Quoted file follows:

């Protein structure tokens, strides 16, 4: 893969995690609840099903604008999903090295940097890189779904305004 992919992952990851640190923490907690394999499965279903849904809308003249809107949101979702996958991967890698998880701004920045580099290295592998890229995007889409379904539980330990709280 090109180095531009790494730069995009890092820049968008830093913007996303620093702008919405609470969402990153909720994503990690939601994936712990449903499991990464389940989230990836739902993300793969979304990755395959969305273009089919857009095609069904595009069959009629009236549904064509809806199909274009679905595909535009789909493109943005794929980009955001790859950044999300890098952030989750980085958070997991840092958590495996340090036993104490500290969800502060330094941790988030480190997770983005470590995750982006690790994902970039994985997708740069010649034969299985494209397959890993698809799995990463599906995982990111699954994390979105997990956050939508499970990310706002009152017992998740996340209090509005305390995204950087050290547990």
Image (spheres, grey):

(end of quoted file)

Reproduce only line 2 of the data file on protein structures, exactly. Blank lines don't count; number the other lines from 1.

Image (spheres, grey):